Navy sailors reveal hidden woollen talents

Navy sailors reveal secret knitting skills

When most people imagine sailors away at sea, few conjure up images of cosy woollen clothing and hours spent comparing knitting patterns.

However, apparently while out on the waves knitting has been a hugely popular pass-time with seafarers for decades, especially during WW1 and two, Portsmouth News reports.

The National Museum of the Royal Navy in the Portsmouth Historic Dockland is now looking to highlight the navy's long-standing association with knitting.

A new community art project has been launched to get locals involved so that they can create some knitted masterpieces for a giant 'yarnscape'.

Working alongside Eastney's Art Stops Café, the museum's Storehouse 10: New Galleries Project will look at the modern history of the Royal Navy from 1900 onwards.

Community engagement officer at the museum, Jo Valentine, told the newspaper: "After having a rummage in the library in our naval home, I came across an old knitting pattern from 1940.

"It was really retro and said things like 'we don't want our chaps to get chilly on the boats!'"

The patterns discovered by staff were all from The Department for Knitted Garments for the Royal Navy, along with a collection of pictures created by sailors showing toys, embroidered slippers and many mascots the seafarers had made for their children back at home.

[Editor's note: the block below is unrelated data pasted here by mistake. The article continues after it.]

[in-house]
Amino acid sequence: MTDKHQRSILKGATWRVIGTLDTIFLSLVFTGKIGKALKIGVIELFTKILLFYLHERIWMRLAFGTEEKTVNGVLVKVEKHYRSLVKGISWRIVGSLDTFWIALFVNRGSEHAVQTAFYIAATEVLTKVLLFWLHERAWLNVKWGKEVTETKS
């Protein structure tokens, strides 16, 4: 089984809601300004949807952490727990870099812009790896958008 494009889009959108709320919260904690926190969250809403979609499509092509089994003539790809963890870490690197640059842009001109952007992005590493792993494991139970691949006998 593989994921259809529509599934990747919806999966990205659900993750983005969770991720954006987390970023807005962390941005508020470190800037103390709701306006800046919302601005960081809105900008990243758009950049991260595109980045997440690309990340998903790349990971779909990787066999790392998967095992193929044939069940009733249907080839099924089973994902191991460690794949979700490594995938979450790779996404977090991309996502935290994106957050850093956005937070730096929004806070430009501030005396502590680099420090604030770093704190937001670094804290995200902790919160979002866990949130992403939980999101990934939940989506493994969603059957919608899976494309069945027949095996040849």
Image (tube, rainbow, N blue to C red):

During times of war in particular, knitting patterns were even issued to the public so that they could create winter items such as balaclavas and gloves for army and navy members.

Ms Valentine explained that the museum was really keen to commemorate the long-standing, and little-known, association between service-people and crafts.

"Knitting and crafts were so important because if you had a hole in your sock when you were away at sea, no one was going to fix it for you, you did it yourself," she said.

Members of the public are encouraged to get involved and donate knitted items to the huge knitted mural planned for the family area of the museum.

The centre is hoping to recreate the Southsea seafront, with a knitted Clarence Pier and Spinnaker Tower, using patterns that have already been knocked up.

You don't need to be amazing at following patterns, as there are some easier items such as small knitted flowers and felted patches, which will help make up the final scene.

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